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Author

Jangman Hong

Date of Award

2-2007

Degree Type

Thesis

Degree Name

Master of Arts (MA)

Department

Sociology

Language

English

Abstract

This is a quantitative research of immigrants' and minorities' self-employment in Canada. Using The Public Use Micro File of Canada, I will (1) empirically evaluate the effect of disadvantage, family and class resources, and segregation on self-employment propensity and income, and (2) assess the current theories by comparing minorities, nonminorities, the foreign-born, and the native-born. I first review five broad theoretical approaches including 'cultural theory', 'disadvantage theory', 'class resources theory', 'middleman minority theory', and 'opportunity structure theory', and analyze their various strengths and weaknesses. I suggest that despite their differences in emphasis, one of the common limitations of each of these approaches is that little attention is paid to the way that the self-employed sector is socially organized. A Logistic regression for propensity to be self-employed, and ordinary linear regression for income are used in this analysis. In this thesis, I show that disadvantaged groups are not more self-employed than non-disadvantaged groups, despite the disadvantage they face in the general labour market. This is contrary to some of the expectations associated with disadvantage theory. Next, I find that there is support for class resources theory in the findings. Concerning family resources theory, I show that marriage does not uniquely facilitate immigrants' and minorities' self-employment. Instead, marriage facilitates self-employment in all four groups. Also, married self-employed minorities and immigrants tend to earn less than their counterparts who are single, while married self-employed non-minorities and Canadian-born respondents tend to earn more than their counterparts who are single. Although more investigation is needed for this finding, it may be due to the concentration of immigrants' and minorities' small businesses in small-scale, low-profit industries. Segregation theory is proposed as a framework for this pattern.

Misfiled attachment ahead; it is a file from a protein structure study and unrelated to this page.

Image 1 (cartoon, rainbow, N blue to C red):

McMaster University Library

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